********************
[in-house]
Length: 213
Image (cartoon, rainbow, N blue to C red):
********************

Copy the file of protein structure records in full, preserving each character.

[in-house]
Length: 213
Image (cartoon, rainbow, N blue to C red):